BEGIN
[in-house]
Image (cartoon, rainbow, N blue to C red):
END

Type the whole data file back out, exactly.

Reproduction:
[in-house]
Image (cartoon, rainbow, N blue to C red):